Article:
Editor-in-chief, Anglican Compass

Rev. David Martin Hanke
Rector, Restoration Anglican, Arlington

Rev. Canon Alan Hawkins
Chief Operating Officer, Anglican Church in North America

Rev. Thomas Hinson
Rector, Advent Anglican, Washington, D.C.

Rev. Hannah King
Associate Rector, The Village Anglican, Greenville

Rev. Michael King
Associate Rector, The Village Anglican, Greenville

Very Rev. Canon Dr. Kris McDaniel
Senior Pastor, Trinity Anglican, Atlanta
Canon for Church Development (Planting and Adoptions),
Diocese of Churches for the Sake of Others

Rev. Canon Dr. Emily McGowin
Associate Lecturer of Theology, Wheaton College
Canon, The Diocese of Churches for the Sake of Others

Rev. Ron McGowin
Interim Rector, Holy Cross Anglican Church, Lake Villa, IL

Rev. Lee Nelson
Rector, Christ Church, Waco

Very Rev. Rob Patterson
Rector, Redeemer Anglican, Santa Cruz
Regional Dean, Northern California, Diocese of Churches for the Sake of Others

Rev. Marty Reardon
Westside Worship Pastor, Trinity Anglican, Atlanta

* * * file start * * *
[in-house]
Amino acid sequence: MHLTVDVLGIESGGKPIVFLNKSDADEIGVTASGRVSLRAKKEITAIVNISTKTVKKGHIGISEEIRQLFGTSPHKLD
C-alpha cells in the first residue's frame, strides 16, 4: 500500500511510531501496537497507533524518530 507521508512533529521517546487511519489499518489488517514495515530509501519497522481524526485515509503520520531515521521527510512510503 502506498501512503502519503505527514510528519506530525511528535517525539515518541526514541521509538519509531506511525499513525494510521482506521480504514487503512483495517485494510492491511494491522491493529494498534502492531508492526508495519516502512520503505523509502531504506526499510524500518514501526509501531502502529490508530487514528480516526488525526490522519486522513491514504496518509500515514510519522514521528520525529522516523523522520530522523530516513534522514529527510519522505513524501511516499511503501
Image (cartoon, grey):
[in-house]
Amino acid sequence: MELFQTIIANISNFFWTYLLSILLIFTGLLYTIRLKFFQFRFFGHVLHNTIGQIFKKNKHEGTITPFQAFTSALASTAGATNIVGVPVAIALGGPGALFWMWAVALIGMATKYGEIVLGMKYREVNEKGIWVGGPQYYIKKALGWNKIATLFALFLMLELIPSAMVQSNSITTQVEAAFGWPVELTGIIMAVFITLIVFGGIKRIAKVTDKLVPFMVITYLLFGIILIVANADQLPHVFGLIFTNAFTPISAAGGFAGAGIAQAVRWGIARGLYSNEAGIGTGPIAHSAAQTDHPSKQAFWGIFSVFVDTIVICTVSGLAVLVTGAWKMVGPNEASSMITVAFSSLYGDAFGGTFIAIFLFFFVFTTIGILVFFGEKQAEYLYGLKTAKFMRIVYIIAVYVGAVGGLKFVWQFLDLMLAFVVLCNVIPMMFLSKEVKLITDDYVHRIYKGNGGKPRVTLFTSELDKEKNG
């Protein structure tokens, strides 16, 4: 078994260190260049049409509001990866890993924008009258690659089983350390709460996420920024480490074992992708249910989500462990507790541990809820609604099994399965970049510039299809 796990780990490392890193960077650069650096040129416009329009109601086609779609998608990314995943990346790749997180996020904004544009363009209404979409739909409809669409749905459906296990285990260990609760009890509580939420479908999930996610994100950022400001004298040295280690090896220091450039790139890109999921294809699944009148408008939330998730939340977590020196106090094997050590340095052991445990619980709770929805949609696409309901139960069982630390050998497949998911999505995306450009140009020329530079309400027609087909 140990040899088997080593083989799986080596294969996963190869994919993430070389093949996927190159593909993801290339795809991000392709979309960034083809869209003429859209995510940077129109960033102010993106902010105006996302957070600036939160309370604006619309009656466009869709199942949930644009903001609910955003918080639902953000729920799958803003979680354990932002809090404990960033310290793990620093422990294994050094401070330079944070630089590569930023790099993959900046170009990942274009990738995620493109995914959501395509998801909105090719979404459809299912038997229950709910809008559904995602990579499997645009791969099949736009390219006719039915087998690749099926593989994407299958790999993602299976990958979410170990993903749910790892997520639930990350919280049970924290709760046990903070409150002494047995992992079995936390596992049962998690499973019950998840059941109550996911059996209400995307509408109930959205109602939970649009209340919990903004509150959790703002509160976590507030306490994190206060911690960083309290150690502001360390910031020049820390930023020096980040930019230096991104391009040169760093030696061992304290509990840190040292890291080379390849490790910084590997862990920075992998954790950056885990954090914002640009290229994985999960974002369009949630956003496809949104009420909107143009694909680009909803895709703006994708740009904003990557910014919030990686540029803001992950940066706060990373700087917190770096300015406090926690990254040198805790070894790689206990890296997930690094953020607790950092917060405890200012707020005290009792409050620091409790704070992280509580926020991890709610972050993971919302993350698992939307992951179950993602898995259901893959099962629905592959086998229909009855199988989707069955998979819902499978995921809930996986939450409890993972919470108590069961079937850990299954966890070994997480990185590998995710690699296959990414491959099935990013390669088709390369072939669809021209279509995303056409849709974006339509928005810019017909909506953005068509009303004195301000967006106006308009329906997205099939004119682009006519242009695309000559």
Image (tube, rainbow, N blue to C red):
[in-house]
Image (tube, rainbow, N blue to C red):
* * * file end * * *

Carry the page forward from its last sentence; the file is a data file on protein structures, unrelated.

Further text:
Rev. Erik Rogers
Assisting Clergy, Resurrection Anglican South Austin

Rev. Canon David Roseberry
Publisher, Anglican Compass

Rev. Joshua Steele
Managing Editor, Anglican Compass

Very Rev. Cliff Warner
Rector, Christ Church, Austin

Christine Warner
Director, Matthew 25 Initiative

Rev. Tish Harrison Warren
Author, Liturgy of the Ordinary
Writer-in-Residence, Church of the Ascension, Pittsburgh

Rev. Dr. Jonathan Warren Pagán
Associate Rector, Church of the Ascension, Pittsburgh

Rev. Janna Ziegler
Co-Rector, Church of the Resurrection, Los Angeles

Rev. Jon Ziegler
Co-Rector, Church of the Resurrection, Los Angeles

Sign the Letter

If you’re ACNA clergy, please use the first form. We’d also love for laypeople and Christian leaders outside of the ACNA to indicate their support. If you’re not ACNA clergy, please use the second form (scroll down).

(NOTE: Don’t worry if you don’t see your name appear below right away. There might be a bit of a lag. No need to submit twice.)

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All Other Supporters

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ACNA Clergy

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All Other Supporters